WHERE: A number of interlinked favelas in the north of Rio de Janeiro


WHY: These favelas lack basic infrastructure and services and are dominated by drug trafficking. Most children who enter the drug trade do so either as a result of desperate poverty and/or other forms of social exclusion. Amid very vulnerable circumstances, children can turn to the drug trade for money, or to gain social status, identity and a sense of family where they otherwise have none. The outcomes of this violent and dangerous form of child labour are usually devastating: IBISS estimates that more than 80% of child soldiers do not live past their 21st birthday. The ones who don’t join drug trafficking, are stigmatised by intense stereotypes and prejudices, limiting opportunities for further education, vocational training and jobs.


WHAT: Ex-drug soldiers and young women previously involved with drug soldiers are supported, trained and hired to become coaches and role-models, offering the football classes and life-skills workshops. They receive tailored personal development support including, for many of them, help dealing with trauma. 


WHO: Children and young people at risk of, or who have been involved in, trafficking gangs and teenage mothers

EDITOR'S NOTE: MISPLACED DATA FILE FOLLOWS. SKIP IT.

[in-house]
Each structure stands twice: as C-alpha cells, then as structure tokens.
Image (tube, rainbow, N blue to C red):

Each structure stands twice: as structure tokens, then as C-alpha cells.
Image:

RESULTS: In 2014, eighteen ex-drug soldiers, or young women previously involved with drug soldiers, have been hired by Favela Street and received tailored personal development support. For 15 of them, this included help dealing with trauma. Twelve of them who had not completed primary education were placed on a primary education equivalency programme.


Children, in addition to attending football trainings and tournaments, receive socio-educational support by social workers, underwent a health check, with five pregnant teenagers provided with pre-natal care. Children who had traumas, mainly as a result of the violence and drug trafficking in their communities, were supported in overcoming these. This helped them gain greater confidence and self-esteem.


Finally, the project’s girl team participated in the 2014 Street Child World cup in Rio, and went back to their community as champions and ambassadors. They have since taken part in several events and activities talking about their realities and the power of football to transform lives.


CEACA aims to improve the quality of life in low-income communities through educational and cultural programmes, counselling, and technology classes



A 'social circus' project based in Rio de Janeiro with outstanding results, Crescer e Viver works through arts workshops and classes to develop skills, increase self-confidence and promote awareness of others. more

Cinema Nosso

Cinema Nosso in Rio de Janeiro uses cinema as means of education, empowerment,
strengthening of communication skills and develop-ment of critical thinking.More


IBISS aims to reduce socio-economic inequality and violence through sport, community engagement, shelter and social care


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